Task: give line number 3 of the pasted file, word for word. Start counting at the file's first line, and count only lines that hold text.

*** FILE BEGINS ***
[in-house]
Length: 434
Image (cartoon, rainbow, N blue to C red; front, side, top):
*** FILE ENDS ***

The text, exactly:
Image (cartoon, rainbow, N blue to C red; front, side, top):